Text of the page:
[This is an excerpt from a book review which appears in The Round Table: The Commonwealth Journal of International Affairs.]
This is one of those unexpected book titles that certainly inspire the reader’s curiosity. It joins such works as Richard Grove’s Green Imperialism, Jeffrey Auerbach’s Imperial Boredom, and Joanna Lewis’s Empire of Sentiment in having arresting and faintly provocative names on the cover. In all of these the sub-title is important and this is also true of Lydon’s book: The politics of empathy across the British Empire. This seems to reveal that the emotions to be unveiled are intended to be positive rather than negative ones, particularly as it is suggested that ‘empathy’ constitutes a much wider and more complex phenomenon than ‘sympathy’. However, that sub-title is not entirely honest. The fact of the matter is that the major proportion of the book concentrates on Australia and that ‘across’ is only justified by some consideration of the cultural exchanges between Britain and the pre-federated Australian colonies. There are only slight references to other parts of the British Empire and rather more to slavery in the United States. Moreover, in examining the supposedly empathetic statements of some leading characters in and visitors to Australia, it seems a little disabling that the careers of such figures elsewhere are ignored. An excellent example is Edward Eyre who is quoted as showing some compassion for Aboriginal people after the Rufus River massacre of Aborigines in 1841. Yet this is the same Edward Eyre who became notorious for his utterly brutal suppression (with hundreds of deaths and many executions) of the Morant Bay rebellion when he was Governor of Jamaica in 1865. It is pertinent to ask what happened to him in that quarter century. Why was sympathy for the Aboriginal victims transformed into what amounted almost to blood lust, causing massive controversy in Britain? We also hear of a military figure Godfrey Charles Mundy and his reactions to, and artistic depictions of, Aboriginal people. Yet this is the same Mundy who had a career in India, including the siege and storming of Bhurtpore in 1825–26 when many Indians were killed and large quantities of booty were taken. He later exercised both his prose and his artistic abilities in the depiction of Indians. In imperial ‘empathy’ it is these paradoxes that most require explanation. For the reader genuinely interested in the British World the silence about such figures’ wider careers seems somehow to skew any isolated consideration of their activities in Australia.
Nevertheless, there are some very useful things in this book, of great interest to the cultural historian. We learn of the reception of Stowe’s Uncle Tom’s Cabin in Australia, as well as of the consideration of Dickens’s antagonism towards ‘telescopic philanthropy’ and the manner in which, in a sense, that was reversed in Australian concern for British slum-dwellers rather than for local Aborigines. Such Australian anxiety for social conditions in Britain obviously fed into emigration propaganda. We learn of images of frontier conflict and the ways in which such violence contributed to notions of colonial masculinity. The examination of missionary philanthropy in the Australian colonies, particularly the activities of the fascinating figure John Brown Gribble, is very valuable, as is the analysis of the power of theatrical performances (for example, of Dickens’s crossing sweeper Jo in Bleak House), artistic depictions, and lectures with lantern slides that contributed to the arousing of aspects of imperial empathy. Lydon suggests, indeed, that Bleak House was a direct response to Uncle Tom’s Cabin seeking to transform empathy for the condition of slaves in the United States into sympathy for the London poor. The violence of the ‘Overlanders’, such as George Hamilton, is laid out in relation to the Aboriginal people they encountered in their journeys between Melbourne and South Australia. It is also intriguing that the Australian frontier went through the dynamism of distinct geographical phases, moving from east to west (with the troubled and violent frontier in northern Western Australian consequently available for comment in the more settled and supposedly civilised New South Wales) and also to the north in Queensland and what became the Northern Territory, with serious effects upon Aboriginal peoples in each case. We also hear more of the well-known tragedy of the Stolen Generations of mixed-race and Aboriginal children removed from their family backgrounds in the alleged pursuit of assimilation and ‘civilisation’.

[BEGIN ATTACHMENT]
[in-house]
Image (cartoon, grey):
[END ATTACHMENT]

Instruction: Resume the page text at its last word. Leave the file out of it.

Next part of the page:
The book ends with a consideration of Australian interest in the British royal family and the failure of republicanism to secure (so far) electoral purchase. While this chapter is interesting, it gives the book a slightly disjointed character. And what of the Aboriginal construction of British monarchy as a ‘deus ex machina’ available for appeal against local grievances, an effect that was common among some African peoples in southern Africa. We hear of this in a different chapter and one can only presume that it played little part in the republican versus monarchy debates of the 1990s.
Imperial emotions: the politics of empathy across the British Empire by Jane Lydon, Cambridge, Cambridge University Press, 2019.
John M. MacKenzie is with the University of Lancaster.